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Art by Alan Magee

Alan Magee

Alan Magee studied at the Tyler School of Art and the Philadelphia College of Art. He practiced editorial and book illustration for more than a decade before focusing on the body of work for which he is critically acclaimed: his acrylic on panel paintings of found objects. Pay attention. This is the guiding principle of Alan Magee’s art. As a realist, Magee’s images may at first seem simply a re-presentation of the familiar. However, what Magee highlights in his careful selection of such recognizable subject matter is the act of looking itself. He reminds us that we are all viewers and that every act of seeing is a dynamic process. A realist not of the New Realist school, nor really of any other school, for that matter, Alan Magee is an artist whose work is stark and innocent, technically astonishing, miraculously perceptive, and ever strange in its conjunctions. Witty, subtle, and informed, shaped by art history and prodded by Surrealism, his work pulls and pushes the mind beyond the mere acknowledgement of his dexterity and precision. Hailed as one of America's foremost representative painters, Alan Magee has also created a number of highly acclaimed works spanning a broad range of media and styles. Among Magee's well known early works are a number of paintings of beach stones, discovered on the shores of New England. These meticulously crafted paintings not only reflect his fascination with texture and surfaces, but also a larger thematic interest in mutability and the passage of time. "I like to take a neglected object and draw it with great care," Magee writes. Alan Magee, born in 1947 in Newtown, Pennsylvania, attended art school in Philadelphia and, in 1969, began working as an editorial and book illustrator in New York. Among his regular clients were Time, Atlantic, Playboy, New York Magazine, The New York Times, and Bantam, Ballantine, and Simon & Schuster Books. During the 1970s Magee produced paintings for the covers of books by Graham Greene, Saul Bellow, Bernard Malamud, John Irving, Yukio Mishima, Stanley Elkin, John Neihardt, Ken Kesey, Agatha Christie, and many others. His illustrations received numerous awards including a National Book Award in 1982, Awards of Excellence from the Society of Illustrators and Communication Arts magazine, Playboy magazine’s Annual Editorial Award, and awards from the Art Directors Clubs of Los Angeles, Chicago and New York. In the late 1970s Magee began to concentrate on his personal paintings and in 1980 had his first solo exhibition at Staempfli Gallery in New York. Since that time, he has had annual one-person shows throughout the United States and Europe. In 1991 a ten-year retrospective, Alan Magee 1981-1991, traveled to four US museums. Archive, an exhibition of Magee’s black and white monotypes opened at the Berlin Philharmonic Hall in November, 2000 and later traveled to the Portland Museum of Art, the University of New Hampshire at Durham, and the New England College Art Gallery at Henniker New Hampshire. An Alan Magee Retrospective exhibition opened at the James A. Michener Art Museum in 2003; the Farnsworth Art Museum, 2004; the Museum of Texas Tech University, 2004; and the Frye Art Museum, 2005. Books of Alan Magee’s paintings include, Stones and Other Works, published by Harry N. Abrams in 1986, Alan Magee 1981-1991, published by the Farnsworth Art Museum in 1991, and Archive, Alan Magee Monotypes, published by Darkwood Press and Spectrum Concerts Berlin in 2000. Alan Magee: Paintings, Sculpture, Graphics, a major book of the artist’s work, was released October, 2003. Magee has received awards for his painting from the American Academy and Institute of Arts and Letters and the National Academy of Design. Several television documentaries have been made about his work including the Maine PBS production, Alan Magee, Visions of Darkness and Light, and Alan Magee, Maine Master by the Union of Maine Visual Artists. He has been interviewed on Voice of America, Monitor Radio (Christian Science Monitor) in NY, WHYY in Philadelphia, and Pacifica Radio in San Francisco. A profile of the artist appeared in the March/April 2001 issue (#332) of Graphis. Magee’s works can be seen in many public collections including The Fine Arts Museums of San Francisco, The Art Institute of Chicago, The National Portrait Gallery, the Portland Museum of Art, the Farnsworth Art Museum, Arkansas Art Center, Arizona State University Art Museum, The Newark Art Museum, and the Columbus Museum of Art. His work is included in the private collections of Mobil Oil, the Atlantic Richfield Co., Lucasfilm Inc., Cargill Corporation, Continental Grain, the Bank of Japan, the Union Trust Bank, The Janss Collection, and the collections of Billy Wilder, Henry Fonda, Chermayeff & Geissmar, Arnold Newman, Johnny Carson, Mike Nichols and Diane Sawyer, Nicholas Cage, Morley Safer, Burton and Deedee McMurtry, and the Richard and Jalane Davidson Collection of American Realist Drawings, among others.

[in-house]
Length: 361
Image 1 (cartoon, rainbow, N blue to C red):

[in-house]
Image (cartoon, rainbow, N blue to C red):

Be sure to check out the official Alan Magee web site.

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